Common roles:

  • Sales Director
  • Marketing Manager

Human Resources

The construction industry is one of the country’s largest employers. Construction businesses rely on skilled workers to survive, and the human resources department makes sure that all of the roles are filled, the employees are happy, and the company is complying with employment regulations, like prevailing wage requirements.

Common roles:

  • Chief Human Resources Officer (CHRO)
  • People Operations Manager
  • Office Manager

Information Technology

Few construction companies had an information technology department just 20 years ago, but the rise in the Internet of Things and the digitization of data has made this division increasingly common. The IT department is responsible for ensuring company and customer data is secure, and that software and technology is working as it should. Field teams are using software, smart phones, and drones to track project progress. Office teams are using accounting applications and software to collect payment and protect lien rights.

Common roles:

  • Chief Technology Officer (CTO)
  • IT specialist
  • Database Administrator

Importance of an organizational chart

An org chart is a roadmap for how your company goes from facing an issue or a challenge to coming up with a solution. As Shawn Van Dyke puts it, an organizational chart is a “visual representation of how a [construction] business makes decisions.”

Every day, you and your people make decisions that steer the direction of the company. Every decision, no matter how small, has some type of impact. Some decisions don’t need to make it past the entry-level tier, while others require the entire company to circle the wagons.

The CEO needs to focus on the big decisions. If they’re expected to sign off on every small decision, they’re creating a bottleneck. Every issue has to flow through them. Wouldn’t it be better if the company employees could turn to a “chain of command” to solve the issue at the lowest level possible? That’s the value that a construction company organizational chart brings to the table. 

Construction organizational chart examples

Large construction company org chart

The organizational chart for a large construction company can be quite complex, with roles that are often highly specialized. They may have a whole team of Accounts Receivable Specialists or Credit Managers, each one assigned to oversee their own specific accounts.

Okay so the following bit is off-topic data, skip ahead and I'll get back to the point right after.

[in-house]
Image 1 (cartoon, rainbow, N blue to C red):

Example of an org chart for a large construction company

Small construction company org chart

Across the US, construction is still very much a family business for many companies. These contractors may only have a handful of employees. Many of the day-to-day duties, like billing, accounting, and personnel paperwork fall to the unsung hero of small construction companies: the Office Manager.

Example of an org chart for a small construction company

Real-world examples

It’s helpful to take a look at some real-life organizational charts to get a feel for how these charts work.

Electrical Contractor Organizational Chart Example

Mike Brown Electric Co., an electrical contractor based in Northern California, is a relatively small company that is heavily construction-focused. Their company is largely organized around the operational departments: Commercial construction, industrial construction, traffic signals, and service.

Their office manager clearly occupies an important role in the company, reporting directly to the CEO. She likely wears a wide variety of hats.

Org Chart for Rafael Construction

Rafael Construction, Inc. is a commercial, framing, and civil construction company based in Las Vegas. Their org chart identifies the flow of decisions in some areas, but leaves some roles and responsibilities undefined or unclear.

The accounting department is organized under the Project Estimator, but leaves no one specifically in charge of collecting accounts receivable.

Smaller companies can get away with less well-defined org charts, since there are fewer people to get in the way. But as a company grows, these gaps in responsibility can cause communication problems.

Of course, some companies use an organizational chart as a customer service tool rather than an internal document. In these cases, they may publish a limited org chart simply to help their customers find the right person to contact.

Building the right organizational structure 

Companies have to make decisions, and an organizational chart gives the people that make up a company the tool they need to do so. Just as it’s important for a construction company to protect its lien rights and meet licensing requirements, it’s also critical for a growing, successful company to have a clear chart of responsibilities for solving problems and handling day-to-day tasks.